Review: Broken Sword 5: The Serpent’s Curse

Broken Sword 5: The Serpent’s Curse
4.96 GB
Available On
Xbox ONE [Reviewed], PS4
Release Date
Revolution Software
Revolution Software

Broken Sword 5: The Serpent’s Curse is a point-and-click adventure game from Revolution Software. It’s a long standing adventure series on the PC but this is the first in the series to make it’s way to the Xbox ONE. You play as both George Stobbart and Nico Collard as you investigate a robbery slash murder at a art gallery. Each character has their own approach and story and you’ll be switching back and forth between them quite frequently.

The graphics are very clean with nice looking set pieces and fully animated characters. The characters movements are very smooth and Broken Sword doesn’t suffer from standard point-and-click syndrome where characters sort of shuffle and warp to objectives.

Our Two Main Characters

Our Two Main Characters

An adventure game, and in particular a point and click, are made by two things. Their story and their puzzles.

Although the overall story and script are quite good, the tone comes off as actors simply reading a series of lines out of context. The interactions between characters lack a sense of emotion. Plus some conversations drag on for what seems like an eternity. I’m looking at you Paris waiter.

The puzzle are very well thought out and run the gambit from fetch quests to contained single scene puzzles. There really isn’t anything new puzzle wise here, just puzzles done right. This game also strictly adheres to the old adventure rule: If you can pick it up, you will need it later.

There is some good depth to the game and even with a guide (which you are doing yourself and the game a disservice by following one) Broken Sword will take you several hours to finish. As with all point-and-click adventure games there is a fair amount of back and forth between locations as new clues takes you back to old locations to look for new information but the loading is quick and each visit tends to feel unique in it’s approach.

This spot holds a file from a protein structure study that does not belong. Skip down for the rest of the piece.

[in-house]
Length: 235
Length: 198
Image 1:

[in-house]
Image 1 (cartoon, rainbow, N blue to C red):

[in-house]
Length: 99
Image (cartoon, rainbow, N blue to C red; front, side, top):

A 10 Minute Conversation About Nothing

A 10 Minute Conversation About Nothing

There are several side characters in the story that come from previous Broken Sword games and if the ONE version is your first journy to this world you’ll be missing out on some of the inside jokes and references. I hope 5 is a success on the ONE as I would definately enjoy seeing more of this universe and learning more about these characters.

The one other thing I want to point out is that there are achievements tied to very specific actions, almost exclusively in the second half, and if screwed up would require you to redo the entire game. The game does have a save feature so make sure you use it as the default is to simply save right on top of your previous save.

Broken Sword 5: The Serpent’s Curse doesn’t reinvent the point and click genre but it knows it’s heritage and it creates a enjoyable deep story with varied and interesting puzzles. If you’re a fan of the genre you won’t be disappointed.

1) Good looking game
2) Deep Story
3) Varied Puzzles

1) Emotionless voice acting




I’ve been a pretty hardcore gamer since the Xbox 360 came out. I’m was top 10 on TA for all Xbox ONE games for gamerscore. I created this site to house all my YouTube guide videos and everything else video game related we can come up with.

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